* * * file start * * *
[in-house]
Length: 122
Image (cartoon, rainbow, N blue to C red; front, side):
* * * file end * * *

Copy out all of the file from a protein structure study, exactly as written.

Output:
[in-house]
Length: 122
Image (cartoon, rainbow, N blue to C red; front, side):